Foreign staff are holed up at the biggest diamond mine in Sierra Leone, which has been hit by a violent strike, the company's spokesman has said.
Hundreds of local workers at the mine in the eastern town of Koidu have blocked its entrance since Saturday.
The army has been deployed to Koidu where two people were killed in clashes on Tuesday, the police said.
It is said to be the worst conflict to hit Sierra Leone's lucrative diamond industry in recent years.
The government has been trying to improve the sector after "blood diamonds" sold on the global market fuelled the decade-long civil war that ended in 2002.
The BBC's Umaru Fofana reports from the capital, Freetown, that between 100 and 150 foreign staff are trapped at their residences in the mine compound, owned by a South African-based company, Octea Diamond Group.
Most of them are South Africans, but they also include Ghanaian, Zimbabwean, Namibian, UK and Indian nationals, he says.
Octea spokesman Ibrahim Sorie Kamara said the expatriates could not leave the compound because of alleged threats against them.
The company is concerned about their safety, and considering whether to evacuate them, he said.
Sierra Leone's Vice-President Samuel Sam-Sumana rushed to Koidu - the main mining town in eastern Sierra Leone - after violence broke out on Tuesday.
He continued with his mediation efforts on Wednesday, holding talks with workers and management.
His intervention came after police fired on protesters who allegedly threw stones at the convoy of Mineral Resources Minister Minkailu Mansaray, when he was in Koidu to deal with the crisis.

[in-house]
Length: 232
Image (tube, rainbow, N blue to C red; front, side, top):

Residents accused police of shooting dead two people, our correspondent says.
Protesters then stormed the hospital in Koidu, taking the dead bodies and marching with them through the streets of the town, vowing to avenge the killings, he adds.
A police post in the town was also burnt, our reporter says.
Christmas bonus anger
Koidu police commander Chief Supt Saidu Jalloh said the army had been deployed to Koidu to help restore order, and a night-time curfew has been imposed.
Police opened fire after being "over-powered" by a huge number of protesters, Mr Jalloh said.
He confirmed there were two fatalities, but did not say how they were shot.
Our correspondent say the authorities have retrieved the two bodies taken from the hospital, which is now under the control of police.
Bike-riders, who provide a taxi service in Koidu, say one of their colleagues was killed in the shooting.
They have now joined the strike, refusing to transport passengers and demanding that the authorities hand over the body of their colleague, our reporter says.
Mr Jalloh said several people have been arrested in connection with the unrest.
Miners embarked on the strike to demand better pay and working conditions, accusing Octea of reneging on a promise to pay them a Christmas bonus, equivalent to three months' salary.
The company denied the allegation, saying the workers had been paid the bonus, our reporter says.
The workers are also demanding an improvement in what they describe as appalling working conditions and end to alleged racism, he adds.
Five years ago, the mine was also hit by conflict which left two people dead, our correspondent says.
Octea is the biggest investor in the diamond industry in Sierra Leone where the government is heavily dependent on the industry for its revenue, our reporter says.
The country's mining sector is often hit by strikes, but the police do not not usually respond with such force or call in the army, he says.